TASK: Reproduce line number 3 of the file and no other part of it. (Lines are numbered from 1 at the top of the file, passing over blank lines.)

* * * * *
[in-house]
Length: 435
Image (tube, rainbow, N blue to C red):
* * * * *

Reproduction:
Image (tube, rainbow, N blue to C red):